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Battery Breakthrough: Four Times More Energy Storage Demonstrated Using Sulfur

 Engineers are racing to find better ways to build and power machines, pushing energy efficiency up incrementally as they go. Still, the U.S. Energy Information Agency forecasts that global demand for electricity will grow 2.3 percent per year through 2035.

Busses, trains, automobiles and aircraft are either starting to move off of fossil fuels for direct electrical motive energy or have more systems that draw current. And a growing stock of buildings are being energized using intermittent power sources like wind and solar. All of this demand is highlighting a major obstacle—batteries need to get better at safely storing large amounts of energy to power our modern world.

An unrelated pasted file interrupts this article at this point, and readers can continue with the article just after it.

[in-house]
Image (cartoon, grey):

Without a major innovation in energy storage, much of the promise of greening aviation, militaries, power generation and other industries will be stuck in the mire.

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